Thursday the ‘Big’ Day for 3rd Graders
By Jeff Amy/Associated Press
PASCAGOULA – On a rain-drenched day in April, students at Pascagoula’s Cherokee Elementary sweated out a computerized 50-question multiple choice test. Third grader Lacey Peeler admitted she was a little nervous about the high stakes attached to the test.
“Kind of, because that’s the only test they give,” Peeler said.
Across Mississippi, 38,000 third graders, their parents and teachers are waiting to find out whether they passed the test and will be moving on to fourth grade. Thousands are likely to fail, but how many won’t be known until the state Board of Education meets Thursday to set the passing score.
David Lavinghouse, who has a stepson and a daughter in third grade in Pascagoula, supports Mississippi’s plan to hold back poor readers. He’s confident his children will pass, but said tighter focus might have benefited an older daughter, now in sixth grade.
“She probably would have been one of the ones that got extra help,” Lavinghouse said. “If they need the extra help, they don’t need to move up.”
Lawmakers said in 2013 that they wanted to ensure struggling students weren’t shuttled into higher grades. Some lawmakers and local superintendents sought a delay this spring in the requirement to flunk students, saying Mississippi hasn’t spent enough on improvement. But the Legislature stood firm on what has been Gov. Phil Bryant’s signature education effort. The Republican failed third grade while fighting dyslexia, and says he succeeded later because of extra help from teachers.
“My belief is we’re doing a disservice to a child by simply passing them, socially promoting them to the fourth grade,” Bryant said Tuesday. “This doesn’t mean simply holding a child back for holding them back. We’re holding them back for intensive intervention.”
Mississippi plans to retain students scoring below basic reading levels. On a different test last year, that would have been 6,500 third graders, about 17 percent statewide. State Superintendent Carey Wright warned the number could be higher this time.
Principal Tina Bankston worries that six of her 60 third graders at Cherokee may not pass.
“It seems a little unfair that we have one thing that determines if you go on or stay in third grade,” Bankston said. “You know that student that comes up a little short will take it really personally.”
Students who fail can take the test again in late May and again over the summer. Pascagoula will offer summer programs to tutor students, but it’s unclear if all of Mississippi’s 146 school districts will make such efforts.
Some students can be promoted even if they don’t pass. Those include students learning English for fewer than two years, students with significant cognitive disabilities, special education students who have had two or more years of intervention and already flunked once, or any students with two or more years of intervention and have flunked twice.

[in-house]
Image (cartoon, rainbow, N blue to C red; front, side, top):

Mississippi’s effort is part of a growing national trend. The Education Commission of the States counts 16 states that flunk third-graders who don’t meet state standards. Mississippi is one of six states that won’t allow low-scoring students to advance even if they’re getting special attention.
Retention is controversial, because research shows students who fail a grade are much more likely to drop out. Mississippi officials pledge those who flunk won’t get “just another year of third grade.”
“They need something totally different,” said Nathan Oakley, who leads the Department of Education’s reading efforts.
Gary Henry, a Vanderbilt University education professor, said third-grade efforts he studied in Georgia and North Carolina gave marginal readers an extra push. But even students who got special attention showed little benefit from retention.
“A clear but mainly ineffective approach is to hold these kids back,” Henry said.
The effort touches on the looming 2016 presidential race. Florida reformed reading instruction under Gov. Jeb Bush, and the potential Republican candidate has lobbied for similar changes elsewhere. Staffers from Bush’s Foundation for Excellence in Education helped shape Mississippi’s law.
Florida held back 14 percent of third-graders in 2003, the first year of its retention rule. That number has fallen steadily, to about 1.5 percent. Mississippi usually retains about 1 percent of third graders.
Mississippi has retrained teachers, in what officials called a doubling of professional development, and placed reading coaches in 87 low-performing schools this year. But critics say Mississippi’s $15 million in spending this year is too little and falling short of providing reading coaches for all schools, the goal of programs in Alabama and Florida. Mississippi would have to spend $25 million a year to match Florida on a per-student basis, or $40 million to match Alabama.
Mississippi initially struggled to recruit qualified coaches, who help teachers improve their methods. The state recently said it would have 78 coaches for the 125 lowest-performing schools next fall.
“There’s always more you can do,” Bryant said. But he expressed confidence that Mississippi has done enough.
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